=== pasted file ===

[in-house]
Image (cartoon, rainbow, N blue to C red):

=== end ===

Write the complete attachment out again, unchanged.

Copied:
[in-house]
Image (cartoon, rainbow, N blue to C red):